If some of the things you love best about Paris are inside the beautiful, colourful windows of patisseries and chocolatiers, then Easter is the very best time of year to visit. Intricate and beautiful, these sweet harbingers are preludes to the ringing of church bells, the consuming of long multi-course lunches and the rich schedule of concerts and performances, both in churches and in theatres. If you’re travelling with little ones Paris is probably at its most child-friendly over Easter, with many arrondissements hosting large scale egg hunts. All of Paris is off work for Easter Monday on the 22nd of April, but the Louvre is open, and so are many of the other great museums and galleries.
Where to Stay?
The 40 room Hotel Therese occupies a beautifully restored 18th century building in the heart of Paris. As well as the location, this hotel offers stylish decor – think quality beds and linens, while bathrooms neatly mix contemporary with traditional, such as Philippe Starck lighting and attractive old style tap fittings. Complimentary tea is served between 4pm – 6pm. And rooms start from €160 per night.
Practical Details: Charles de Gaulle and Paris Orly are both easy hops from UK airports, or there’s the ever convenient Eurostar. Paris in April enjoys sunny days and average high temperatures of 16°C and average lows of 7°C.
One of the great sights of an Easter in Florence is the “Explosion of the Cart’ – sounds exciting, doesn’t it! This 300 year old tradition involves not just any cart, but one over nine metres tall, and pulled by a pair of white oxen to the Piazza Duomo, where at 11am on Easter Sunday a rocket, shaped like a dove, runs along a cable into it and sets off an impressive fireworks show. If the dove-shaped rocket is blown all the way back into the cathedral along the cable it means it’s going to be a great year! As well as the cart experience there are plenty of other great religious traditions to experience over Easter, though the rest involve fewer fireworks. Many museums and galleries remain open, even on Easter Sunday, and if it’s a dry sunny day you’ll find lots of people strolling the river and Florence’s green spaces.
Where to Stay?
Marignolle Relais et Charme is a wonderfully private, nine room Tuscan retreat in the hills above Florence. Sun pours into the large living room where sofas, an open fire and an honesty bar encourage lingering while the nine bedrooms are decorated with stylish country fabrics, pristine white paintwork and dark parquet floors. Breakfast and light meals are served on a veranda, glassed in for colder weather. Rooms start from €180 per night including breakfast.
Practical Details: Florence’s Amerigo Vespucci international airport is only 15minutes from the centre of town by bus or taxi, but direct flights between Florence and the UK are limited – it might be worth considering travelling via Pisa Airport, which is well connected to Florence too. Florence averages nine hours of sunshine a day during April, but it also gets plenty of rain, so pack accordingly. The average April high temperature is 19°C, with a low of just 7°C.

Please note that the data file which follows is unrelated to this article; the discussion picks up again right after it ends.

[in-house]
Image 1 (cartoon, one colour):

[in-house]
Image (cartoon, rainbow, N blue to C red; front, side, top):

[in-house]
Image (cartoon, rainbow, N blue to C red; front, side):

Greek Orthodox Easter runs between Friday the 26th of April and Monday the 29th, so you could attend two different traditional Easters in the one year this year! Athens is arguably home to some of Greece’s most beautiful churches, and their monuments and riches are displayed under candlelight for the traditional Holy Week services, rendering them even more magical than usual. Some of the highlights of the week include hearing the haunting Hymn of Kassiani, which is only ever performed on Holy Tuesday at the church of St Nicholas in Plaka. On Good Friday you can hear a Byzantine choir and follow a candlelit procession around the church of St George. And just before midnight on Easter Saturday you can experience the passing around of candles representing the resurrected light – this takes place across the city. Then come Sunday it’s a good time for a feast!
Holy Week is also the perfect opportunity to visit both the oldest and newest churches in Athens, the oldest being the Church of Panagia Kapnikarea, which was built in around 1050AD, and the newest being the Metropolitan Cathedral of Athens.
Many locals head out of town for Easter, so it’s actually quite peaceful during Holy Week.
Where to Stay?
Pallas Athena is a totally unique hotel – it’s modern, luxurious and filled with modern art, and the result is fun and inventive. Each of the 63 rooms and suites are different, ranging from chic, to super chic, and there’s a creative restaurant to match. Rooms start from only €159 B&B this April.
Practical Details: Athens International Airport is just 12miles outside the city, and you can fly from Heathrow, Gatwick, Stansted, Manchester, Birmingham or Edinburgh. It’s fairly easy to catch public transport from the airport, or you can pay about €53 for a taxi. In Athens you can expect dry, sunny days in April, with temperatures between 20°C and 12°C.
The Hotel Guru has invaluable knowledge on both destinations and hotels – lots more ideas here